- Tax planning arrangements in connection with the estate of any predeceased spouse
- Deeds of variation and other IHT planning for beneficiaries
- Handling insolvent estates
The price ranges referred to above are quite broad because of the widely differing issues which can arise during the administration of an estate and which can impact on the time we spend on the matter. These include:
- A large number of beneficiaries of the estate or difficulties with tracing beneficiaries or in dealing with beneficiaries who are under age
- A large number of assets in the estate (e.g. numerous shareholdings or extensive collections of chattels)
- Foreign assets or assets which are difficult to identify, such as old shareholdings, or assets which are difficult to value such as private company shares or certain chattels
- Trusts of life assurance policies and complex pension arrangements
- Assets owned jointly with others where the history of the joint ownership has to be investigated
- The deceased had interests in family trusts or in another estate which impact on the Inheritance Tax (IHT) position
- Arranging clearance of the deceased’s home
- Monitoring and insuring unoccupied property
- Disputes with third parties over sums due to or from the estate, e.g. claims by HMRC for unpaid tax or the DWP for over-claimed benefits
- A long form HMRC IHT account (IHT400) is required
- Claims are required for the IHT residence nil rate band and/or the transferable IHT nil rate band from the estate of a deceased spouse and/or for the transferable IHT residence nil rate band from the estate of a deceased spouse
- The assessment of IHT is complicated because the estate is left partly to beneficiaries who are exempt from tax (wife/husband or charity) and partly to beneficiaries who are not.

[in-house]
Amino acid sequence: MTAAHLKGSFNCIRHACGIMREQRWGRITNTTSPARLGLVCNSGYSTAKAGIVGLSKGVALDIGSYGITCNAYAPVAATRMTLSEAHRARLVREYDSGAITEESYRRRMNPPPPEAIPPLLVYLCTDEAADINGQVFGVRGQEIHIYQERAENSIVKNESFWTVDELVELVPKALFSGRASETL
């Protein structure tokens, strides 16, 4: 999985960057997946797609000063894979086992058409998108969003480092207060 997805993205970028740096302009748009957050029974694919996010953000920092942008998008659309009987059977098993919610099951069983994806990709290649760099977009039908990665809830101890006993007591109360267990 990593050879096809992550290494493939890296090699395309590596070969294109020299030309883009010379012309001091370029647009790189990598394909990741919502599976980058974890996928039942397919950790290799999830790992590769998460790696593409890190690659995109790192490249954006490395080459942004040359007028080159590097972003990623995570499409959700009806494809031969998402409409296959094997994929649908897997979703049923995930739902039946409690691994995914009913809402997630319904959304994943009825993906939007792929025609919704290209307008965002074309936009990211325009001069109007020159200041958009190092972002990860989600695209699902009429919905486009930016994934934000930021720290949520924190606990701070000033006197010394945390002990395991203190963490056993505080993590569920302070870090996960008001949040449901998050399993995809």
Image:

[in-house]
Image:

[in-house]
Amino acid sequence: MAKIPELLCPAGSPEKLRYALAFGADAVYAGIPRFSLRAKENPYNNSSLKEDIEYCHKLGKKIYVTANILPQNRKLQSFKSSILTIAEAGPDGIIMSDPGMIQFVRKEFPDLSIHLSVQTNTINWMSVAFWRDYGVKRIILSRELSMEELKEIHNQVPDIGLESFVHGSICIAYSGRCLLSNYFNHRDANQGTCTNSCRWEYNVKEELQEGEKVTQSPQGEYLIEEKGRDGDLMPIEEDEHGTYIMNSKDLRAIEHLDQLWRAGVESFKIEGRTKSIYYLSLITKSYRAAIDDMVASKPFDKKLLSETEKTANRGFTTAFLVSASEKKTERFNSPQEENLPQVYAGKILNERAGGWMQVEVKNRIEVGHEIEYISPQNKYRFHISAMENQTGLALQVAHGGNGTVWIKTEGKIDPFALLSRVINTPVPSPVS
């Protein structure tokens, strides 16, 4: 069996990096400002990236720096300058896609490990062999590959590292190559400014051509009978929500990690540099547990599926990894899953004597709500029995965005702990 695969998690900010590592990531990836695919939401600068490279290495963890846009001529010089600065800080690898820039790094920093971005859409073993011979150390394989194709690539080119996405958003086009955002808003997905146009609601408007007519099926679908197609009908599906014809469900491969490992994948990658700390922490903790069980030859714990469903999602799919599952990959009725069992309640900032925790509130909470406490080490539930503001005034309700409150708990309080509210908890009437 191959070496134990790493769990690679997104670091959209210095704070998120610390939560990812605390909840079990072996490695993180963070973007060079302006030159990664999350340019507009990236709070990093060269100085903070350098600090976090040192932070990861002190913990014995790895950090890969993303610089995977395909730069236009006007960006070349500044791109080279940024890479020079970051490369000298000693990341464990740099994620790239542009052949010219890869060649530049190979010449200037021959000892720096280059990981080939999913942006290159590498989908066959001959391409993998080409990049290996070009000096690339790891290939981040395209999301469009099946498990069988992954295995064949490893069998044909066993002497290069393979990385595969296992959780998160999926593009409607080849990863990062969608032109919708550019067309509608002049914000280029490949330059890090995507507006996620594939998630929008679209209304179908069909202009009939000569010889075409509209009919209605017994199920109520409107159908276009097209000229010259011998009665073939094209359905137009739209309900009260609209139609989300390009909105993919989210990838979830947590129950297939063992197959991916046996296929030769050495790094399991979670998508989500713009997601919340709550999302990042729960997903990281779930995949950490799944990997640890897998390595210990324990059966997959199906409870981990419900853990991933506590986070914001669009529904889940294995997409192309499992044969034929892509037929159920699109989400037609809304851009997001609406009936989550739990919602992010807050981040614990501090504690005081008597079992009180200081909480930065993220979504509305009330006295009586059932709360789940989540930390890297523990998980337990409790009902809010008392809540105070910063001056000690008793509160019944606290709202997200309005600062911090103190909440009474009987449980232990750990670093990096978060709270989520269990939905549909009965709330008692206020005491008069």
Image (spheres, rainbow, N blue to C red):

- Claims have to be made for assets qualifying for the IHT agricultural property or business property reliefs
- There are problems identifying the amount and timing of lifetime gifts and gifts in which the deceased has reserved a benefit for IHT purposes
- Claiming IHT loss relief on sales of assets at less than probate value
- A bank loan is required to fund the estate’s IHT liability
- There are doubts over the deceased’s domicile
- Disagreements arise between beneficiaries over the sale or distribution of chattels or other assets within the estate
- There are problems selling the deceased’s home or other assets
- Additional steps are required to lessen the impact of Capital Gains Tax on the sale of assets in the estate
If a number of these complicating factors are present it is possible that our fees will exceed the higher end of the range referred to above. We will always, of course, provide an estimate for your matter before embarking on any work.
VAT and disbursements
VAT will be added to our fees at 20%. For example a fee of £7,000 will attract a VAT liability of £1,400
The following disbursements can arise:
- Probate Registry application fee of £155 (no fee for estates under £5,000)
- 50p for each official copy of the grant of representation
- £7 per executor for swearing the oath plus £2 per codicil (if any)
- Bankruptcy-only Land Charges Department searches (£2 per beneficiary)
- £69.50 plus VAT for an advertisement in The London Gazette (if required – it protects against unexpected claims from unknown creditors)
- £90 to £140 (depending on the paper) for an advertisement in a local newspaper – this also helps to protect against unexpected claims
- £3.60 for official copy of a Land Registry title
- Probate valuation fees for properties and household effects, say £500
We will obtain your approval before incurring any other disbursements in excess of £150 or more.
Get in touch
Please contact us if you would like to learn more by speaking to one of our experienced team members.